By Anna Mitchell

I have been asked to write this blog about my journey from first hearing about Safe & Together to my new role as Safe & Together Institute (S&TI) UK Lead. It makes me emotional even writing my job title – I’m so grateful for the way things have unfolded and excited about the next steps! When I started my job as Domestic Abuse Lead Officer in Edinburgh in 2012, I couldn’t fathom why I was placed in Quality Assurance. But I soon realised the influence a real organizational self-assessment of domestic abuse practice can show. Following a domestic abuse case file audit which evidenced the need for improvement in how we responded to this complex area, the Edinburgh Child Protection Committee agreed to fund the Safe & Together CORE Training; the first time it had been delivered outside the States.

I can remember vividly the morning of the Overview Day, sitting on the kitchen floor with a dawning realisation of the huge commitment that Edinburgh had made to deliver the training and the high expectations that participants had. I felt a rise of panic, “This had better be good!” I thought to myself.

Over the next four days I watched a transformation take place in a small, stuffy room in Edinburgh City Chambers where 40 practitioners took the brave step of reflecting on their practice and re-framing their ideas. Being able to evidence improvement using the case file audit tool really helped move the Model forward in Scotland. Local authority after local authority have made the same bold steps to undertake the training too. Now, over a third of local authorities in Scotland, and some areas in England, are beginning to embed the Model into their practice. That the Safe & Together Institute has created a post in the UK is testament to their commitment to supporting, localising and developing the Model to create more domestic abuse-informed child welfare professionals, communities and systems in the UK.

“Despite a shared mission, at times, I felt like I didn’t know which planet I was on or what language everyone was speaking.”

The first job I had after qualifying as a social worker was at the Domestic Violence Probation Project. I worked with the women and children whose partners had been convicted of domestic abuse. I was a feminist, a social worker and a women’s advocate based within a criminal justice organisation for men who perpetrate domestic abuse. Despite a shared mission, at times, I felt like I didn’t know which planet I was on or what language everyone was speaking. Everyone had their own jargon and their own perspective, which could create barriers to collaboration. I have watched the S&TI Model create a common approach for all service areas, practitioners and systems; no matter what their goal or which member of a family they are working with.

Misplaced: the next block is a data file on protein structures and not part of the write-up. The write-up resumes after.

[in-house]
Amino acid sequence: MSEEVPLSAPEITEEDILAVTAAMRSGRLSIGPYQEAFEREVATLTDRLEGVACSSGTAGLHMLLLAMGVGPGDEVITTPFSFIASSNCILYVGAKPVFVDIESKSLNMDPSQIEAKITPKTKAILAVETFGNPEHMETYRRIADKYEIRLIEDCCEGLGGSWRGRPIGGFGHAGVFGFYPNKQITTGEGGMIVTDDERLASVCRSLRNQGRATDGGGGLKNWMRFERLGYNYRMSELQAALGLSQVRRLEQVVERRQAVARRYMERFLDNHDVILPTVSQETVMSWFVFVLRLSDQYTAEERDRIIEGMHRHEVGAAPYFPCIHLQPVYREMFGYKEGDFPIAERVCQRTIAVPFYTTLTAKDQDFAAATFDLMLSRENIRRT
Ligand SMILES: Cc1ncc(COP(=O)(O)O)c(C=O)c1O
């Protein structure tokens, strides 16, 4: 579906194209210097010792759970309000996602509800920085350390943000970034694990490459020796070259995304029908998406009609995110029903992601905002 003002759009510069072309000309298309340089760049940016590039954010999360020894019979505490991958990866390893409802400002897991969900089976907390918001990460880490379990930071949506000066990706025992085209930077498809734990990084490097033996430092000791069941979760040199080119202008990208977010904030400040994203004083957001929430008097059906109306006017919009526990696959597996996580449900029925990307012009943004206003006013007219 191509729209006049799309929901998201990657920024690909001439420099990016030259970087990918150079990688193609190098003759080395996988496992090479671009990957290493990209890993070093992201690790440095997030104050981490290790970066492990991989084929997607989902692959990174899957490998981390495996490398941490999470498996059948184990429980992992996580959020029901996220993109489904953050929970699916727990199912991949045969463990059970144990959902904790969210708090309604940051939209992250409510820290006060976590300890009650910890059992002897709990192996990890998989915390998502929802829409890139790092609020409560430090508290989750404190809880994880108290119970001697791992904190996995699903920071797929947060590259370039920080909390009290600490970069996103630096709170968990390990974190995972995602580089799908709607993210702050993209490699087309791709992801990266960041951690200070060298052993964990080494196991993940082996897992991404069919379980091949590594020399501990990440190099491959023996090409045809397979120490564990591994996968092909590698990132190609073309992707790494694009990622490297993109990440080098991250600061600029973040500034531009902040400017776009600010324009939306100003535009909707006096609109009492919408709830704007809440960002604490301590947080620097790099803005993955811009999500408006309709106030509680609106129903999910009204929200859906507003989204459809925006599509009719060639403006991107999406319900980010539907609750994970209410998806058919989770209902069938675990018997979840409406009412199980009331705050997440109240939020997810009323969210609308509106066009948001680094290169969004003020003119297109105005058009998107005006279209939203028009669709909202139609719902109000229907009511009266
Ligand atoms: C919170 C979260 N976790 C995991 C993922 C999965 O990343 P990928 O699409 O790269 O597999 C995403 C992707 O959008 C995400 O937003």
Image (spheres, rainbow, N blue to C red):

The movement in Scotland has been one which has grown from small groups and individuals taking a leadership role, despite their formal position within an organisation, and challenging themselves and others to examine their practice and systems. It has taken numerous people over many years to get their voices heard and fight for the energy, commitment and resources to make a change.

There is still a long way to go – systems as well as practitioners need to change. There needs to be a top down and bottom up approach to creating a domestic abuse-informed child welfare response in the UK. We are all part of a global network that is facing the same challenges and we can learn and support each other to improve our response and achieve better outcomes for families affected by domestic abuse.

To that end, on June 6 & 7, S&TI is holding its first European conference in Stirling, Scotland. I am encouraging anyone who works in fields that touch on domestic violence to join me there. (If you can’t attend the conference, we will be offering a four-day CORE Training in Stirling Scotland in July 2019). The event will offer presenters who are implementing Safe & Together in the UK, special guest presenters, plus presentations from the Model creator, David Mandel. Much like when I sat on my kitchen floor hoping for big things years ago, I know now what huge, mind-shifting training and insight happens at these conferences. I will be there and hope I get to see you there too!